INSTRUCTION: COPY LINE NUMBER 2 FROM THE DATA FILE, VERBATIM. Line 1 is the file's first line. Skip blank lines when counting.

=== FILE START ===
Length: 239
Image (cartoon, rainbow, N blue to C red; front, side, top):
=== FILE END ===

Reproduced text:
Image (cartoon, rainbow, N blue to C red; front, side, top):